Marty firms offer Information Technology Research reports, analyst calls, conferences, seminars, tools, leadership development, etc. These entities include Gartner, Forrester Research, IDC, The Burton Group, Society for Information Management, 1nfoTech Research, The Corporate Executive Board, and so on. This talk will cover how a number of such services are being used at the Goddard Space Flight Center to improve our IT management practices, workforce skills, approach to innovation, and service delivery. These tools and services are used across the workforce, from the executive leadership to the IT worker. The presentation will cover the types of services each vendor provides and their primary engagement model. The use of these services at other NASA Centers and Headquarters will be included. In addition, I will explain how two of these services are available now to the entire NASA IT workforce through enterprise-wide subscriptions.

Hunter, Paul

2010-01-01

190

Development of an Accessible Self-Assessment Tool for Research Ethics Committees in Developing Countries  

PubMed Central

In response to increased research being performed in developing countries, many research ethics committees (RECs) have been established, but the quality of their ethics review systems remains unknown. Evaluating the performance of an REC remains a challenging task. Absent an accreditation process, a self-assessment mechanism would provide RECs a way to review their policies and processes against recognized international standards. We describe a self-assessment tool that was developed and reviewed by REC members and researchers from the Middle East. This tool reflects pragmatic aspects of human subjects protection, is based on international standards, is straightforward in its completion, and its items are relevant to the administrative processes that exist in many RECs in the developing world.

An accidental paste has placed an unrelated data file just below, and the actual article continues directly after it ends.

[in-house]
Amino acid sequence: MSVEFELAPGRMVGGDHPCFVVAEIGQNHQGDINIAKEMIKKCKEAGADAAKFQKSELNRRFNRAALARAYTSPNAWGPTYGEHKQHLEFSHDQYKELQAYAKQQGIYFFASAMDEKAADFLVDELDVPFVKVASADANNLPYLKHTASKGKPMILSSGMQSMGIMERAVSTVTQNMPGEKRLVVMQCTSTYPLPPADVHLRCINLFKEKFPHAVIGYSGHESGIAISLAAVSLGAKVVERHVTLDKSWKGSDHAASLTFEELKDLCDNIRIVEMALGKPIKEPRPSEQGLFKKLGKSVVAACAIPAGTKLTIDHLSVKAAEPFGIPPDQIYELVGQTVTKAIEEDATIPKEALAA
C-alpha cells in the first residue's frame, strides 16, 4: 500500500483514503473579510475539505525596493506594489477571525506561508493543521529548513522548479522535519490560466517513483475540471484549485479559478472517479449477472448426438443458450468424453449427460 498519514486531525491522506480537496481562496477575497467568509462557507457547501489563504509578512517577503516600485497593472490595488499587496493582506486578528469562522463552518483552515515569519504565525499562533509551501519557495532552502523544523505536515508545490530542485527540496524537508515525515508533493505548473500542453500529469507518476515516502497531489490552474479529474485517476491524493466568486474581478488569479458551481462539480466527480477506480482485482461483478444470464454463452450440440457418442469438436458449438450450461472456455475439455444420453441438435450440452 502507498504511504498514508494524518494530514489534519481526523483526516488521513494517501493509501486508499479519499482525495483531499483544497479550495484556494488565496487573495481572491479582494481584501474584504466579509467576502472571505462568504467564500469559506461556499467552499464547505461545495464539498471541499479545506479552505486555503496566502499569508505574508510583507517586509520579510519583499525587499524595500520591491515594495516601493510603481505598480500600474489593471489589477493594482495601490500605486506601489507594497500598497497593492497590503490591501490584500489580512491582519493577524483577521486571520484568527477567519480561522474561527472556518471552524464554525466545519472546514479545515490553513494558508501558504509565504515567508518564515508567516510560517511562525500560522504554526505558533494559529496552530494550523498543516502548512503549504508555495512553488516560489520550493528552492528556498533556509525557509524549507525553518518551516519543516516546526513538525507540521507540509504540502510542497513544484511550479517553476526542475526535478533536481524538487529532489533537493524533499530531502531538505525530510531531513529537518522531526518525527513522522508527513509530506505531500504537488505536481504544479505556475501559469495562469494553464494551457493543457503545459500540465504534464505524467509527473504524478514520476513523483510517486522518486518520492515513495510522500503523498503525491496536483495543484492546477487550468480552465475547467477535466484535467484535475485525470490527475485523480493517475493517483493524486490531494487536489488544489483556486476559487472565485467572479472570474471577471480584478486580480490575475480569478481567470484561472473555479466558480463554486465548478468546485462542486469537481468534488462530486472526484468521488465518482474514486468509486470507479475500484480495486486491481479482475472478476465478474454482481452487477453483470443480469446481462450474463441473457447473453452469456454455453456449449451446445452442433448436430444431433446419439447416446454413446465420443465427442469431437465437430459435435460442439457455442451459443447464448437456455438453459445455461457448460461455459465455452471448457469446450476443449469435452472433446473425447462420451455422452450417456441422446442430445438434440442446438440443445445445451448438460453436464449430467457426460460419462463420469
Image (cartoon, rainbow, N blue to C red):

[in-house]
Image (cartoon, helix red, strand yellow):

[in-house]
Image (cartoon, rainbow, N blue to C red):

Sleem, Hany; Abdelhai, Rehab Abdelhai Ahmed; Al-Abdallat, Imad; Al-Naif, Mohammed; Gabr, Hala Mansour; Kehil, Et-taher; Sadiq, Bakr Bin; Yousri, Reham; Elsayed, Dyaeldin; Sulaiman, Suad; Silverman, Henry

2011-01-01

191